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Financial analysts: Are they useful after all?

Published on:

François Derrien and his co-author study the extent to which financial analysis impacts a firm’s decisions. They provide empirical evidence revealing a direct link between analyst coverage and the cost of capital, amounts invested, and financing capacity. Contrary to popular belief, it seems that financial analysts do indeed serve a real purpose.

Financial analyst

Does coverage by financial analysts influence corporate decision-making? “It is an important question,” says François Derrien. “Some researchers think that analysts do not provide much information, that they all say the same thing, that they are subject to conflicts of interest, and that their analyses are biased. There is a general consensus that, essentially, they are not of much use.”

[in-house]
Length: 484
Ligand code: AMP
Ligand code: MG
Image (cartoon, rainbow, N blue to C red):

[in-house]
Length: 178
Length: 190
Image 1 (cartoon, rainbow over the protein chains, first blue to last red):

To test this idea, Derrien and his co-author, Ambrus Kecskés, identified firms that had reduced analyst coverage (i.e. cut back on the number of analysts covering them) and studied the impact of that loss on financing and investment decisions. “It proved to be more complicated than we initially thought it would be,” explains Derrien.

“Simply analyzing the investment decisions of firms that have lost or gained an analyst is likely to result in erroneous conclusions. For example, the fact that a firm has reduced their investments after losing an analyst might seem to indicate that their decision to make fewer investments has resulted from that loss of the analyst, when in fact they lost the analyst because they reduced their investments.”